Cyclone Kills Teen Girl Who Was Separated from Family in Menstruation Ritual November 23, 2018

Cyclone Kills Teen Girl Who Was Separated from Family in Menstruation Ritual

A 14-year-old girl in Southern India was killed by a cyclone after being separated from her family during her first period as part of an archaic religious ritual.

Every six months or so, we hear about another case like this, usually in or around India. Just last year, for instance, a young girl was killed after being sent to a monthly “menstruation hut” in Nepal. Then there was a similar story circulating earlier this year.

In this case, the girl was exiled to a hut while she menstruated for the first time, a situation that left her in peril when a natural disaster struck the community.

Vijaya Lakshmi, 14, was segregated from her family in Tamil Nadu province when Cyclone Gaja struck. She had just gotten her period for the first time.

Her family, from a village near the town of Pattukottai, was following a belief held by some Hindus in India that women are impure during their periods and should be separated from the rest of the family. Often focused on as a rural issue, the practice also occurs in cities and towns.

At least 40 people have died since Cyclone Gaja hit Tamil Nadu in mid-November, and the storm has also caused widespread damage.

While the storm raged, Vijaya’s family remained inside a separate building nearby and survived, but a tree fell on the hut where she was staying. Vijaya’s body was found the following day when the cyclone had passed.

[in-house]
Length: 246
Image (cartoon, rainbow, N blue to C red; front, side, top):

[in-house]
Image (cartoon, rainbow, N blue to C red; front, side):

It goes without saying that this ritual is ridiculous. Menstruation is natural; no one needs to be cast aside while it occurs regardless of tradition. How many children have to die before believers do away with this outdated and sexist religious practice?

It’s not just a problem because of the cyclone. Women have died from asphyxiation, fire, and even snake bites during their separation periods. To make matters worse, the issue has largely been ignored, including by prominent women within the government.

In Lakshmi’s case, it seems her grandma actually tried to prevent her death… to no avail.

Her grandmother, S. Visalakshi, told BBC News, “We are shattered.”

The grandmother said she had tried to persuade the family to move the girl to a different location before the cyclone hit. “When we saw the tree, we lost hope. We waited for villagers to help us remove the tree and pull her out of the hut,” she said.

Vijaya was taken to the hospital, but doctors pronounced her dead on arrival.

Girls who are left alone are more vulnerable,” Kavya Menon, a trustee with charity AWARE India, which works to promote safe menstrual hygiene, told the News Minute. “The whole community is responsible for this death and it cannot be pinned on the Gaja cyclone. Her death is a result of societal violence against women.”

This is a problem with an obvious solution. It’s too bad believers don’t see it as an option. They’d rather cling to sexism, faith, and ignorance.

(Featured screenshot via YouTube. Thanks to Monique for the link)

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